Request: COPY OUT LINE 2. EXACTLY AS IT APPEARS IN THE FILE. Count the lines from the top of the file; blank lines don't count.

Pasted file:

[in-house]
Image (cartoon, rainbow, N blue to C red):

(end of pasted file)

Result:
Image (cartoon, rainbow, N blue to C red):